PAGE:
A Hillside man was arrested Friday evening after he allegedly attempted to detonate what he believed to be car bomb in front of a bar in downtown Chicago, announced Gary S. Shapiro, Acting U.S. Attorney for the Northern District of Illinois; William C. Monroe, Acting Special Agent in Charge of the Chicago office of the Federal Bureau of Investigation; and Garry F. McCarthy, Superintendent of the Chicago Police Department.

The arrest of ADEL DAOUD, 18, a U.S. citizen, was the culmination of a rigorous undercover operation during which Daoud developed his attack plans and surveilled and selected a target. Daoud was closely monitored by law enforcement and was offered several opportunities to change his mind and walk away from the supposed attack.

“The explosives that Daoud allegedly attempted to detonate posed no threat to the public. They were inert and had been supplied by undercover law enforcement personnel,” Mr. Shapiro said.

Daoud was charged in a criminal complaint filed today in U.S. District Court with one count of attempt to use of a weapon of mass destruction (explosives) and one count of attempt to damage and destroy a building by means of an explosive. Daoud had an initial appearance today before U.S. Magistrate Judge Arlander Keys. He remains in custody pending a detention and preliminary hearing, which was scheduled for 3 p.m. Monday in federal court. Daoud faces a statutory maximum sentence of life in prison for attempted use of a weapon of mass destruction and a mandatory minimum sentence of five years and a potential maximum of 20 years in prison for attempt to damage or destroy a building by means of an explosive.

According to an affidavit in support of the complaint, beginning in about October 2011, Daoud used e-mail accounts to obtain and distribute material, some of which he purported to author, relating to violent jihad and the killing of Americans.

In about May 2012, two FBI online undercover employees contacted Daoud in response to material Daoud posted online and thereafter exchanged several electronic communications with Daoud. According to the affidavit, during these communications Daoud expressed an interest in engaging in violent jihad, either in the United States or overseas.

The affidavit alleges that, from late May to mid-June 2012, Daoud confirmed his belief in the propriety of killing Americans in a terrorist attack and then began seeking online resources regarding how to carry out an attack.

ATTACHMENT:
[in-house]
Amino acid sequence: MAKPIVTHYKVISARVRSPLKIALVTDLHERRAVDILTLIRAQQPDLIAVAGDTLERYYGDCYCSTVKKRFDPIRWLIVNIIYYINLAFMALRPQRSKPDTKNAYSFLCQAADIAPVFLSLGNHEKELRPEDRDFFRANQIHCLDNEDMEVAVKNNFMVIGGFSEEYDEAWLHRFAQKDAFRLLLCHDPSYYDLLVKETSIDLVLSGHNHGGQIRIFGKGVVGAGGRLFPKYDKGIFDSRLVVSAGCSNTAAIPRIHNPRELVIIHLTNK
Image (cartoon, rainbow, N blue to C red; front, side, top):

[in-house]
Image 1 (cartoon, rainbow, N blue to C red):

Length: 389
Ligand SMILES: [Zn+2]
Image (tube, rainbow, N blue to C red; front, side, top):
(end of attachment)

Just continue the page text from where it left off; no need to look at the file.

In about June 2012, Daoud was introduced to a purported cousin of one of the undercover employees, who said he resided in New York and was an operational terrorist. Daoud allegedly expressed an interest in meeting the cousin, who unbeknownst to Daoud was an FBI undercover agent. In the course of his dealings with the undercover agent, Daoud allegedly drafted a list of approximately 29 potential targets, including military recruiting centers, bars, malls, and other tourist attractions in the Chicago area. He then selected, researched and surveilled a target for attack to be carried out with an explosive device supplied by the undercover agent, the affidavit alleges.

About 7:15 p.m. yesterday, Daoud met the undercover agent in Villa Park and they drove to downtown Chicago. During the drive, Daoud led the undercover agent in a prayer that Daoud and the agent succeed in their attack, kill many people, and cause destruction. They entered a parking lot where a Jeep containing the purported explosive device was parked. Daoud then drove the Jeep out of the parking lot and parked the vehicle in front of a bar in downtown Chicago, which was the target that he had previously selected. According to the affidavit, Daoud exited the vehicle and walked to an alley approximately a block away, and in the presence of the undercover agent, attempted to detonate the device by pressing the triggering mechanism. He was then arrested.

This case was investigated by the Chicago FBI’s Joint Terrorism Task Force (JTTF), which is comprised of FBI special agents, officers from the Chicago Police Department and representatives from 20 federal, state, and local law enforcement agencies. The Justice Department’s National Security Division assisted in the investigation.

The public is reminded that a criminal complaint contains mere allegations. The defendant is presumed innocent and is entitled to a fair trial at which the government has the burden of proving guilt beyond a reasonable doubt.

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